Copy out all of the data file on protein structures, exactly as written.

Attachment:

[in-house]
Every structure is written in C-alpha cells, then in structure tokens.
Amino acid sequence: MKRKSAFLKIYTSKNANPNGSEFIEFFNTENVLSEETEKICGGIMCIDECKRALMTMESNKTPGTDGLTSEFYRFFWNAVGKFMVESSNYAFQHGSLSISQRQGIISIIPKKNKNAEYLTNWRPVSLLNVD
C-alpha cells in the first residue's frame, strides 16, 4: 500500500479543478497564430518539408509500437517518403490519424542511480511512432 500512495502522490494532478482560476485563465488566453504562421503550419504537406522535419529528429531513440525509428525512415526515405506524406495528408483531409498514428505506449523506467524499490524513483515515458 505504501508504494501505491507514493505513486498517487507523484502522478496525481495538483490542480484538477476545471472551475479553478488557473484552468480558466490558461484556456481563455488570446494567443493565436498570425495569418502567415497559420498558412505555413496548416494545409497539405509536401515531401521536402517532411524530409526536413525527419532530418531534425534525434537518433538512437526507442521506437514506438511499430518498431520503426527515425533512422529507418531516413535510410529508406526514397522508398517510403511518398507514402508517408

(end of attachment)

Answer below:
[in-house]
Every structure is written in C-alpha cells, then in structure tokens.
Amino acid sequence: MKRKSAFLKIYTSKNANPNGSEFIEFFNTENVLSEETEKICGGIMCIDECKRALMTMESNKTPGTDGLTSEFYRFFWNAVGKFMVESSNYAFQHGSLSISQRQGIISIIPKKNKNAEYLTNWRPVSLLNVD
C-alpha cells in the first residue's frame, strides 16, 4: 500500500479543478497564430518539408509500437517518403490519424542511480511512432 500512495502522490494532478482560476485563465488566453504562421503550419504537406522535419529528429531513440525509428525512415526515405506524406495528408483531409498514428505506449523506467524499490524513483515515458 505504501508504494501505491507514493505513486498517487507523484502522478496525481495538483490542480484538477476545471472551475479553478488557473484552468480558466490558461484556456481563455488570446494567443493565436498570425495569418502567415497559420498558412505555413496548416494545409497539405509536401515531401521536402517532411524530409526536413525527419532530418531534425534525434537518433538512437526507442521506437514506438511499430518498431520503426527515425533512422529507418531516413535510410529508406526514397522508398517510403511518398507514402508517408